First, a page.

It sure beats having them sit and color. ♦

 


Download a Free Copy of the WIDA Can-Do Descriptors for your target age group HERE. And check back later: WIDA is currently working on additional versions of the descriptors, including a set in Spanish.


 

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9 Comments

  1. Thank you for this useful post. As an EAL teacher I enjoy all of your work, so I hope you continue to share! I work at an IB school with a concept driven curriculum. I like the WIDA descriptors but I would love to see one addition to them. If we are asking students to write research reports that integrate information from a variety of sources, in a subject like Humanities for example, we need to be able to find a way that they can do that regardless of their level of English. Otherwise, we are dumbing content down and not putting the same expectations on them. For a research report, we could ask students to write in their home language or we should consider differentiating the assessment in a way that all students can still show understanding. Regardless of language, I want to know if my students can do more than just ‘label pictures’, if that makes sense! I wrote a blogpost about what I mean here: http://languageandliteracyforlearning.blogspot.com/2016/01/dont-dumb-it-down-deep-learning-with.html
    What are your thoughts on this?

    • Marcelle, I just finished reading your thoughtful post and I absolutely loved it. Anyone who is working on refining these practices should go over and read it. The Can-Do descriptors were likely developed before the widespread use of Google Translate, so I’m thinking the alternative you describe in that post wasn’t something that WIDA considered. I think the most important thing is to get to know the abilities of the individual student, and gently, persistently push for more challenging activities. If a student is highly literate in their first language, using those same skills on a task like the one you describe would be appropriate. And any time a teacher starts to feel that they are dumbing down their curriculum to the point that it’s not serving the student, they should try something else. The alternative you describe in your post should definitely be a consideration. Thank you so much for sharing!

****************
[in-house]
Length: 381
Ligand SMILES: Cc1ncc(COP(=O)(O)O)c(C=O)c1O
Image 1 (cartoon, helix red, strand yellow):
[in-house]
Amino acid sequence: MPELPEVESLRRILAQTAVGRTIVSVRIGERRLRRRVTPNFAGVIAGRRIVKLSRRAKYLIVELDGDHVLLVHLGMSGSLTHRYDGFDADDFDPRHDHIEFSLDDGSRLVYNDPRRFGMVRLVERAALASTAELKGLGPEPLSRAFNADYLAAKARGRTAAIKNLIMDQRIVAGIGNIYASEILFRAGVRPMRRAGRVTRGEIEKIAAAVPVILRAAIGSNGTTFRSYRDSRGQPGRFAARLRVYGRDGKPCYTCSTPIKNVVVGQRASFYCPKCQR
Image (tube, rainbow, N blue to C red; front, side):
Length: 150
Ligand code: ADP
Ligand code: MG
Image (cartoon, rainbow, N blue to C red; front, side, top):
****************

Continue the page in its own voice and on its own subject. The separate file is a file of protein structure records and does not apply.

2. ps. I forgot to mention that my absolute favourite article you wrote was the one about finding your Marigold! That term is used widely at our school now. So inspirational and so true!

    • That is so wonderful to hear, Marcelle! I love knowing people are using the term; I think it’s a good step toward building more awareness of how we impact the other teachers around us! Thank you so much.

  3. Thanks for the post (and related posts) regarding ESL students and ways to reach them and hold them to high expectations in the classroom. There’s a lot to think about here, and with more and more full-time inclusion of ESL (fewer pull-outs) in my state at least, we have to think like ESL teachers for our students in order to meet their needs. Useful info! Thanks!

  4. Rosa Molina says:

    First time teching ESL k-8. Need help evaluating my students,
    I will appreaciate any advise, help that you can give me.

  5. Timothea says:

    Hey there! I’ve been using this chart for some time now and I love it. It gives a quick snapshot for those who teach our ELLs but sadly, are not that interested in all the details we have to share. This document opens the door for that conversation! With that, do you have or know of an updated version that utilizes the ACCESS 2.0 info, and includes the Can Do Descriptors and Key Uses? I would love to introduce the most recent version this school year. Thanks!